When going through a divorce, the court sets a child support amount based on the circumstances of the situation at that given time. However, situations change and the child support put into effect at the time the divorce was finalized may not apply to your family years later.
Child support is designed to bridge the financial gap children may experience when parents separate or divorce. There may come a time when you or your former spouse cannot meet the financial child support obligations and may consider filing a child support modification request.
Situations that apply
According to the Minnesota Department of Human Services, a judge may consider certain factors in a modification case, including the following:
- A sudden increase or decrease in income, such as losing a job or getting a significant promotion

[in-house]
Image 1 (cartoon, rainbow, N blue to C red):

- A significant change in the physical or mental health of a parent or the child causing extraordinary medical expenses
- Change in the cost of living
- Change in health care coverage
The judge makes all decisions based on the best interests of the children and it is important to ensure that parents take care of their needs.
The judge may grant a modification if the new situation would decrease or increase the current child support amount by at least 20%, or $75. If either parent’s income unexpectedly decreased by more than 20% at no fault of the parent, or if the child’s health care coverage terminated, the judge may consider a modification. Furthermore, if custody of the child changes from one parent to the other, the child support amount would be revised to match the custody change.
Situations in life change, and you can apply for a modification to fit your unique circumstances.